"Drunk Americans," the first single from Toby Keith's 18th studio album, appeared in October 2014 but the accompanying 35 MPH Town didn't show up until a year later, a good indication that the single didn't perform as well as expected. Despite its alcoholic title -- something of a tradition for Keith in the new millennium, where all seven singles subsequent to 2011's "Red Solo Cup" bar one have booze on the brain -- "Drunk Americans" did suggest Keith was looking to break away from the slight electronic sheen of 2013's Drinks After Work, as it was the work of songwriters Brandy Clark, Shane McAnally, and Bob DiPiero, a trio who represented a post-bro country vanguard. Perhaps if it had risen into the Country Top 20, more of 35 MPH Town would've been aligned with this new Nashville, but as it panned out, Keith went back to the tried and true, crafting songs that fall within his wheelhouse. At the edges, there are some signs of either experimentation or, perhaps, desperation: "Rum Is the Reason" follows the cadences of Zac Brown Band's breezy classic "Toes" (the lord of the beach himself, Jimmy Buffett, shows up on "Sailboat for Sale"), "10 Foot Pole" bounces along to horns so compressed they sound synthesized, the title track's ode to Middle America is a bit on the nose, and the closing "Beautiful Stranger" veers close to mawkish adult contemporary. All of this winds up as mere flair on another reliable record, one where the ballads "What She Left Behind" and "Haggard, Hank & Her" just edge out the livelier "Good Gets Here" and "Every Time I Drink I Fall in Love," songs that serve as welcome showcases for his sly humor. Moments like these -- moments when it feels as if Keith still likes laying back and kicking a few tunes out, not caring about where they may place on the charts -- are what make 35 MPH Town worth a spin.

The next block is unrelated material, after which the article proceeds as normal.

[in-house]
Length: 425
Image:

35 MPH Town Review
by Stephen Thomas Erlewine